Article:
Improving learning outcomes using virtual reality

‘IVR can provide students with a very emotionally rich and engaging learning experience. This almost always increases student interest and enjoyment, but it does not necessarily lead to better learning outcomes unless students have the opportunity to reflect over the emotionally rich and engaging experience,’ Makransky tells Teacher.

‘The overall implications are that teachers should provide students with initial learning experiences and enough prior knowledge so students have fundamental knowledge and have enough familiarity with the technology prior to an IVR lesson,’ he explains.

‘Then use IVR for exploration opportunities where students can obtain learning experiences that are too expensive, dangerous, or impossible in the real world. Then follow this up with a reflection activity. This does not necessarily have to be enactment. We have successfully used different generative strategies after an IVR lesson such as summarisation in groups (Klingenberg et al., 2020).’


Klingenberg, S., Jørgensen, M. L. M., Dandanell, G., Skriver, K., Mottelson, A., Makransky G. (2020). Investigating the Effect of Teaching as a General Learning Strategy when Learning through Desktop and Immersive VR: A Media and Methods Experiment. British Journal of Educational Technology, 51(6), 2115-2138. https://doi.org/10.1111/bjet.13029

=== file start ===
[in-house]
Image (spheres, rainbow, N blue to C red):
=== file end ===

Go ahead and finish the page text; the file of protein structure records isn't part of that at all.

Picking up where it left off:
Makransky, G., Andreasen, N. K., Baceviciute, S., & Mayer, R. E. (2021). Immersive virtual reality increases liking but not learning with a science simulation and generative learning strategies promote learning in immersive virtual reality. Journal of Educational Psychology, 113(4), 719–735. https://doi.org/10.1037/edu0000473

If you have you used virtual reality with your students, did you measure the impact this tool had on their learning? What considerations did you make to ensure the tool was used most effectively to improve student outcomes? Did you provide initial learning experiences to build their prior knowledge before moving to virtual reality?